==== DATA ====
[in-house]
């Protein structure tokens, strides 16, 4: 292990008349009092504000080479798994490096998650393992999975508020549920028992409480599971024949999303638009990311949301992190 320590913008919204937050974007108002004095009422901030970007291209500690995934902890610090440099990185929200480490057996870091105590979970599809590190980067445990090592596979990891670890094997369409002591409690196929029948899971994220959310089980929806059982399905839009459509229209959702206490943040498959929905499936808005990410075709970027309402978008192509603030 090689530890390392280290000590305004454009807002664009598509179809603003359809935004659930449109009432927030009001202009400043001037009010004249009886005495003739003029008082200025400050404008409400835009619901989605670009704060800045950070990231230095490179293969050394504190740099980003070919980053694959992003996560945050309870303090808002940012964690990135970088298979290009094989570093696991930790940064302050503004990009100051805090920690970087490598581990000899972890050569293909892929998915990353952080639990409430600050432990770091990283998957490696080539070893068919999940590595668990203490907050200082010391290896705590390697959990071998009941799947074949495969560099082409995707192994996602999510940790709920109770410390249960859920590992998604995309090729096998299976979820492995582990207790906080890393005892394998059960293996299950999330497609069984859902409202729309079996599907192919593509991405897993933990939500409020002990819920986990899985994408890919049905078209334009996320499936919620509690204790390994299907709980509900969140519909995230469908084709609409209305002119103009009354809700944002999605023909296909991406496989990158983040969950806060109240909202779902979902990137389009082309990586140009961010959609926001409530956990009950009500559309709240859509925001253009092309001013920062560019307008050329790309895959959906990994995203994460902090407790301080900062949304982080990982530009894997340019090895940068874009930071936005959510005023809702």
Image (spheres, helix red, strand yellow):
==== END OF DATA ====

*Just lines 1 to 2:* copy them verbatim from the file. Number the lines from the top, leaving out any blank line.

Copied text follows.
[in-house]
């Protein structure tokens, strides 16, 4: 292990008349009092504000080479798994490096998650393992999975508020549920028992409480599971024949999303638009990311949301992190 320590913008919204937050974007108002004095009422901030970007291209500690995934902890610090440099990185929200480490057996870091105590979970599809590190980067445990090592596979990891670890094997369409002591409690196929029948899971994220959310089980929806059982399905839009459509229209959702206490943040498959929905499936808005990410075709970027309402978008192509603030 090689530890390392280290000590305004454009807002664009598509179809603003359809935004659930449109009432927030009001202009400043001037009010004249009886005495003739003029008082200025400050404008409400835009619901989605670009704060800045950070990231230095490179293969050394504190740099980003070919980053694959992003996560945050309870303090808002940012964690990135970088298979290009094989570093696991930790940064302050503004990009100051805090920690970087490598581990000899972890050569293909892929998915990353952080639990409430600050432990770091990283998957490696080539070893068919999940590595668990203490907050200082010391290896705590390697959990071998009941799947074949495969560099082409995707192994996602999510940790709920109770410390249960859920590992998604995309090729096998299976979820492995582990207790906080890393005892394998059960293996299950999330497609069984859902409202729309079996599907192919593509991405897993933990939500409020002990819920986990899985994408890919049905078209334009996320499936919620509690204790390994299907709980509900969140519909995230469908084709609409209305002119103009009354809700944002999605023909296909991406496989990158983040969950806060109240909202779902979902990137389009082309990586140009961010959609926001409530956990009950009500559309709240859509925001253009092309001013920062560019307008050329790309895959959906990994995203994460902090407790301080900062949304982080990982530009894997340019090895940068874009930071936005959510005023809702």